WETASKIWIN, AB. — Canada celebrated its sesquicentennial in July 2017 and the Reynolds-Alberta Museum continues to pay tribute to those 150 years by shining a light on one of this country’s significant automotive stories. The McLaughlin Story: 150 Years of Carriages, Cars & Canada Dry introduces museum attendees to a family that helped put Canada on wheels.
For Richard Busse, growing up in Medicine Hat in the early 1960s was like a Canadian version of the film American Graffiti. As a car-obsessed teenager in the southeast Alberta town, the local A&W stood in for the classic Mels Drive-In where much of the movie action takes place. As member of the Turnkeys Car Club, Busse and his pals would cruise downtown Medicine Hat, pull in to the A&W for burgers and fries, and drag race on the access road to the old Goodyear Tire plant.
A highlight of Alan Connor’s life is riding an adventure motorcycle to the Arctic. The scenery was stunning, but he admits it was some of the challenges while on the road that he remembers most fondly. “There were difficult times,” Connor explains, and adds, “But they were some of the best times.”One difficult occasion saw Connor riding over a mountain pass when it was raining and getting colder. Conditions worsened, he was crawling along at 20 kilometres an hour and the road was slick.
Muck Rack makes it simple to find people, tweets, or articles that mention any name, keyword, company, hashtag etc. We've compiled this guide to help you make the most of your search.
Selecting a term
Start searching tweets, articles from media outlets, articles mentioned in tweets, journalists'
names, titles and bios with some suggested searches:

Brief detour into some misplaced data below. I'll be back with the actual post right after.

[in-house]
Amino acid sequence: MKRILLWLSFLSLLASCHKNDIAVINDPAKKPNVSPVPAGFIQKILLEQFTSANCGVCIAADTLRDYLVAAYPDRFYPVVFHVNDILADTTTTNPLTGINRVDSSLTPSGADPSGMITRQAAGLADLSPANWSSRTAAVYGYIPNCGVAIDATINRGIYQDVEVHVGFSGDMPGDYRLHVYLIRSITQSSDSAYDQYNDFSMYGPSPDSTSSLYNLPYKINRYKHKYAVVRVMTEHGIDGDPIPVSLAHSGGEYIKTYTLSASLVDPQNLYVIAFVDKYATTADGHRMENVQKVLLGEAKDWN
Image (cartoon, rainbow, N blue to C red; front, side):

Companies or Topics (e.g. iPhone, Microsoft)
Phrases (e.g. "cloud computing") — use quotes to keep the terms together
Twitter handles (e.g. @username) — returns those who have mentioned or replied to
Names (e.g. "David Pogue")
Hashtags (e.g. #sxsw, #london2012)
Bio details (e.g. vegan, Olympics, father)
Muck Rack's Advanced Search allows for many boolean operators.
Find results that mention multiple specified terms, use AND or
+. For example, ensure each result contains both Elon Musk and Mark Zuckerberg by
searching Musk AND Zuckerberg or Musk + Zuckerberg.
Use the operators OR or , to broaden your search when you'd like either of
multiple terms to appear in results. (This is the default behavior of our search when no operators
are used). For example, results will contain either cake or cookie by searching cake OR cookie or cake,cookie
Use NOT or - to subtract results from your search. For
example, searching Disney will yield results about the Walt Disney Company as well as Walt Disney
World Resort. To exclude mentions of Disney World, search for Disney -World or Disney
When using one of these operators with a phrase, enclose it in quotation marks. For example, you can
find results about smartphones excluding Apple's iPhone 4S by searching smartphone -"iPhone
Exact case matching or punctuation
If you're searching for a brand name or keyword that relies on specific punctuation marks or capitalization, you can
find results that match your exact query by adding matchcase: before the keyword you're searching for, like matchcase:E*TRADE .
Use parentheses to separate multiple
boolean phrases. For example, to find journalists talking about having fun in Disney World or
Disneyland, search for ("disney world" OR disneyland) AND fun.
An asterisk can be used to search for any variation of a root word truncated by the asterisk. For example, searching for admin* will return results for administrator, administration, administer, administered, etc.
A near operator is an AND operator where you can control the distance between the words. You can vary the distance the near operation uses by adding a forward slash and number (between 0-99) such as strawberries NEAR/10 "whipped cream", which means the strawberries must exist within 10 words of "whipped cream".